Labour to ‘review’ collective worship in schools
Since 1944, schools have been on the frontline of a rapidly-changing society. While the school act of collective worship had traditionally been uniform and predominantly confessional up until the 1960s - reciting the Apostle’s Creed, saying the Lord’s Prayer, singing hymns and listening to a mini-sermon – immigration and the advent of other religions, coupled with the process of secularisation inherent to the postmodern era, has forced change. As the Chief Rabbi Dr Jonathan Sacks observes in his book The Persistence of Faith, the UK has seen ‘a wider disintegration brought about by the loss of what Peter Berger called “the sacred canopy”, that overarching framework of shared meanings that once shaped individuals and society. In its place has come pluralism: the idea that society is a neutral arena of private choices where every vision of the good carries its own credentials of authenticity’.
Educational theory is replete with the themes of modernity; the metanarrative being empiricism which seeks knowledge via the senses and human experience. Thus scientific theory, mathematical logic, and historical fact are corroborated by the senses, and they outweigh the metaphysics of morality, aesthetics and religion. There are no agreed criteria by which conflicting religious claims can be settled, and they are therefore a matter of personal preference. Morality thereby becomes largely a matter of taste or opinion, and moral error ceases to exist. For many teachers, there is a gulf between ‘fact’ and ‘opinion’, and collective worship is perceived to belong well and truly to the ‘senseless’ realm. Some schools believe that they should be uncommitted religiously, irrespective of those teachers who may hold Christian beliefs. This conflict consists of three themes – autonomy, equality and rights – the values that allow each to be whatever he or she chooses. Yet left unfettered this leads to anarchy, so a values system has to be imposed, defined in community and by community. And one can make the ‘broadly Christian’ directive relevant for all pupils, irrespective of their faith.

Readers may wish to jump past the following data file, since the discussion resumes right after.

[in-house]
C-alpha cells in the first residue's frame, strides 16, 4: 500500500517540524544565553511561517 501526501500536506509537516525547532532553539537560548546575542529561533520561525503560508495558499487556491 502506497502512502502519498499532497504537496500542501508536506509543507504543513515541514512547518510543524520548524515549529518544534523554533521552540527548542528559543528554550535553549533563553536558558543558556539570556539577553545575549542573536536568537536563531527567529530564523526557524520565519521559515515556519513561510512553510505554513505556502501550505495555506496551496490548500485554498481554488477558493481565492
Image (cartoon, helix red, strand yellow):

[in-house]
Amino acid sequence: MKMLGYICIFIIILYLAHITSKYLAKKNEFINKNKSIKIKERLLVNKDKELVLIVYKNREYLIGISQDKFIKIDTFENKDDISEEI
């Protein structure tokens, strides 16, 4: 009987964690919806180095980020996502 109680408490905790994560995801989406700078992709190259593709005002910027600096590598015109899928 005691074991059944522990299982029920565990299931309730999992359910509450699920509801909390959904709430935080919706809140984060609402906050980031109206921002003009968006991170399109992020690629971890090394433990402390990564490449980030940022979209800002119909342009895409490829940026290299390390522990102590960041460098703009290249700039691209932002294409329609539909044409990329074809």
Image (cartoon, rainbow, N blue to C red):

Hitherto, the values system around which society has cohered has been the Christian religion; children have been inducted by law since 1944. In recent years, headteachers, teachers and their unions have been objecting to the law, schools have been flouting it, and Ofsted ignoring it. And look to where education standards have fallen and children’s moral behaviour has plummeted.
And is it any coincidence that those schools which take the Christian daily act of collective worship seriously, and do it very well, are invariably those with the highest educational standards, yielding best academic results, turning out some of the most reasonable and most excellent contributors to society?